Whence benevolence?


From tradition.  From inheritance.   Benevolence comes from traditions that honor and cradle the good.

All three of the New Testament accounts of resurrection, those of Peter and Paul and Mary, so attest.    Think carefully, for just a moment, about these witnesses.  In John, Mary mistakes Jesus for a gardener, her brilliant witness forever clothed in ignorance.  In Corinthians, Paul recounts what he has heard and said, and ruefully, mournfully confesses that he is not ‘fit to be called an apostle, because he persecuted the church’.  In Mark, in the long week past as recorded in Mark, Peter, later the rock on which the church is built, is himself shamefully remembered, in the firelight, as the one who denied, who forsook, who failed.

And the cocked crowed, again, and again, and again… The rooster sounding out and sounding forth the birth, the creation of a new day and carrying in song the honest recollection of the prior night.

Let us look closely, particularly, at Paul this year.  What he gives he has received, and what he preaches he has been told, by others.  His account is utterly different from Mark’s:  didactic not narrative, theological not spiritual, male not female witnesses, appearance not disappearance, presence not absence.   Yet his confidence in resurrection, which is the basis for his obedience of faith, is every bit as strong as the story of the empty tomb in Mark.   There are many ways of keeping faith.  There are many ways of teaching faith.  There are many ways of preaching resurrection.   All of them, somehow, cause us to consider the possibility that resurrection is more real than our experience, that resurrection questions us, not the other way around.

It is not only the physical agony and social disgrace of Jesus on the cross at the heart of our traditions today and everyday, but also, and more so, if one may say so, the soul wrenching agony and personal disgrace of Peter and Paul and Mary, in cowardice and false zeal and ignorance, which is at the bedrock heart of Easter.  In the blinding brilliance of cross and resurrection, the tradition sturdily and starkly records, our humanity is naked.   Such pain.

Maybe that is part of why we avoid going to church.  We know about cowardice, and about falsehood, and about ignorance, and we know about it from our own actions, our own prejudices and our own mistakes.   They are grievous to recall, as our religious traditions, especially at Easter, force us to do.

Richard III was reburied last week after 500 years.  His spine is still crooked, his skull still crushed, and his cruelty still recalled.   He was buried out of an Anglican church.  Of course he was.  Where else would you be able, with honesty, to take him, before burial, but to a cathedral, where the traditions, sturdy and stark, can bear it.   The seaside?  Stonehenge?  The white cliffs of Dover?  The lake district?  Not enough sand.  Not dark enough, stark enough, with bark enough…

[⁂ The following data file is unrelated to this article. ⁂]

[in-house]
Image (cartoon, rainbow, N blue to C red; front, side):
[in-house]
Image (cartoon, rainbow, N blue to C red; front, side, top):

In our traditions, Peter found a way forward, through betrayal, Paul found a way forward, through violence, Mary found a way forward through blind sight.  And we can, too.  And I can, too.  And you can, too.

Tradition does not give life, but tradition does give a way to life, in the Risen One, the Living One, the Sovereign One.  Tradition is not life.  Music, Scripture, Sermon, Communion are not grace.  They are the silver and china, but not the meat and milk.  They are means, not ends.  The end?  Love.  And love, ‘Love is benevolence or good will to others…the disposition which one has who desires and delights in the good of another’.

In fact, what little lasting goodness there may be around us at this late date, rises up come Easter out of our traditions.  Where does good come from?, Huey Long in Robert Penn Warren’s ALL THE KING’S MEN is asked.  From bad.  Good comes out of bad.

Our traditions, at their best, at their truest, and at their toughest, tell a painful story.  Benevolence comes out of the pain of failure, out of the cross.   It comes out of what we see in our own souls, when we are most honest, most vulnerable, and most naked.

That is why ministry is so connected to self-disclosure.

We minimize our traditions at our peril.  A great university without its history, its traditions, its considered past, its chapel, say, is no longer a great university.  And a great education, summa cum laude, out of earshot of the same, is no longer great.

Whence benevolence?  Tradition.  Tradition empowers benevolence.


And from church.  From relationships.  You could say community.  Or fellowship.  Or society.  Or even culture.  But people would miss the point.   Pau’s word here is church.

Benevolence, good will to others, appears, against significant odds, including our own carelessness and wan, glib neglect, in church.